Yesterday I had the honor of interviewing Paula Thomson and Victoria Jaque, creativity researchers from the Kinesiology Department at CSU-Northridge. And it was fascinating.
Dr. Thomson is a dancer, choreographer, and psychologist. When she interviewed for her position and CSU, she met Dr. Jaque. Dr. Jaque comes from an exercise science background and studied physiology in athletes. They connected immediately and soon began research centered on mind-body connection during creative experience. Both Dr. Thomson and Dr. Jaque were kind and open during the interview, leading me to share personal experiences that I wouldn't normally bring up in an interview--our discussion brought up many personal experiences and I needed to make the connection.
We often focus on creative products, but Dr. Thomson and Dr. Jaque emphasized creative experience and embodiment. As I pondered the value of the embodied creative experience, I was reminded of violin lessons with Dr. Donna Fairbanks, a music professor at Utah Valley University. I studied with Dr. Fairbanks during my first semester at BYU and later during summer breaks. She taught me to savor the experience of playing the violin and to feel the music through my whole body. This morning I remembered a particular lesson that had left me full and confused. At the time, I wrote about it as a pivotal moment in my life:
So, maybe this doesn't mean much to you, reader. You weren't me. But I read it and it brings these complex emotions--stomach butterflies clashing with teary eyes, nostalgia, and longing. I want to hold onto the experience. Perhaps that's why I'm writing this blog post this morning instead of reading all the stuff I need to read and writing all the stuff I need to write. I miss having music be the core of my life. Thanks, Dr.'s Thomson, Jaque, and Fairbanks, for reminding me of my need for embodied creative experience. I will be looking for more ways to bring that back into my life--both through music and through my scholarly work.
One winter morning, I walked into a classroom at Brigham Young University. Then I walked back out. Then I walked in again...was I in the right place? Was I in the right century? Instead of the familiar octagon-shaped tables that we usually crowded around for assessment class, there were a whole bunch of these all over the room (though in a rather boring gray, the green would have been much more fun...):
Being the mature graduate students that we were, my classmates and I immediately rearranged the whole room, leaving racing space in the middle. We raced around the room in our new chairs. We speculated on the impact the chairs might make on the type of learning that occurred in the classroom (we were studying instructional design, after all), analyzing details of each feature and debating whether it would enable new pedagogy or distract learners. And I'm sure we learned something about assessment in class that day, but I don't remember that part.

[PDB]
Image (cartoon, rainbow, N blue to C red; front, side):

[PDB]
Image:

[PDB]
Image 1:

Flash forward several years. I'm looking for case studies on classroom desks because I think they might make interesting design study--an artifact that reflects culture and affects pedagogy. And as I'm looking for case studies of desks, I find a visual history of school desks, and there is that strangely-shaped piece of furniture that appeared years ago! It's called a Node Desk.
So I do some more investigating. I go to the website of the design company (Steelcase) and check out their educational research section. And what do they have there? Research and case studies of active learning, creativity, etc. This was a website for a furniture company. They made furniture, educational furniture being just one type. But much of their website doesn't discuss furniture at all; it highlights the surrounding experiences and culture.
I did some more searching and found they often worked with IDEO (including on the Node Desk). Again, it all fits together nicely. Steelcase is serious about design and seems to adroitly move among design discourses. They consider processes, experiences, systems, and cultures as they design artifacts.
Plus, someone made this gem:
Now, although the Node Chair looks cool and has some unique features (see here), it didn't exactly change my learning experience. We did the same things we always did, we just had more furniture in the way. The desks felt a little flimsy, making some of us nervous about placing our laptops on them. Most of the desks ended up clustered around electrical outlets on the edges of the room. They might not have lead to more effective collaboration, but they did afford easier access to outlets! In the end, I think our teachers were annoyed by the lack of organization and by the clusters of desks around the edges of the room.
Not surprisingly, dropping a new type of furniture into a room doesn't change pedagogy, just like plugging in a SmartBoard doesn't result in 21st century learning. And there were other (unintended) consequences in actual use. So the artifact didn't exactly revolutionize our classroom. But who knows--maybe elsewhere it has.